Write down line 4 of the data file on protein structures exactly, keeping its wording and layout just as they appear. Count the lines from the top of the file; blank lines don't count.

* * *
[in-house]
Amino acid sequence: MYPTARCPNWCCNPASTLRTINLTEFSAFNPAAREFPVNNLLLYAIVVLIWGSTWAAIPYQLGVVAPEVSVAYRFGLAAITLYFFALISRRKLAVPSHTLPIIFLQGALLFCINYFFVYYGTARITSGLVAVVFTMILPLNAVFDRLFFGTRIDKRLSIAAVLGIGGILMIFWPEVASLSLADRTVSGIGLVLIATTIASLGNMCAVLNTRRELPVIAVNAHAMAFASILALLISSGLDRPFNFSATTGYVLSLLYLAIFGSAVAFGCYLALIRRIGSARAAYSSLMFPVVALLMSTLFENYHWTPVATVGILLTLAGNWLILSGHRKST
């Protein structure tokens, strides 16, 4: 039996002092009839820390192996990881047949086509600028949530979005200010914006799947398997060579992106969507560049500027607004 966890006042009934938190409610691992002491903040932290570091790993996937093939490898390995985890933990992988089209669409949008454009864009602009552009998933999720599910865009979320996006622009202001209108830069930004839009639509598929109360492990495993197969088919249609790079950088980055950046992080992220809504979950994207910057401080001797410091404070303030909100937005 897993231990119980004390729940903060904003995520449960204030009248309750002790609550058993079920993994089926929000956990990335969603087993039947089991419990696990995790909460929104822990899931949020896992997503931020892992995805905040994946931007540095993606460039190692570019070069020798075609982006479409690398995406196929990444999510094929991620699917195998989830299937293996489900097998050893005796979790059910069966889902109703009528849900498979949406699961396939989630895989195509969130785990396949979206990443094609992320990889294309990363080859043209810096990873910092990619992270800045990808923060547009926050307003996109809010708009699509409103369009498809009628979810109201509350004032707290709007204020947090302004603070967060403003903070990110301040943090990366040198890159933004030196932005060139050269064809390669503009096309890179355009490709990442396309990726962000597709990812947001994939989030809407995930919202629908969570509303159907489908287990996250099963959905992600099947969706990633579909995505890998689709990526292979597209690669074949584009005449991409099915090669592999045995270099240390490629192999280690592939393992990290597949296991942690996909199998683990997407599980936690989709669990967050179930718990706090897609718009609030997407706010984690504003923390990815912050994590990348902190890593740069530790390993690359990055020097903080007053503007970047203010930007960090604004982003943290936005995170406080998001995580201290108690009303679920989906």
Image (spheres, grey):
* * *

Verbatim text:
Image (spheres, grey):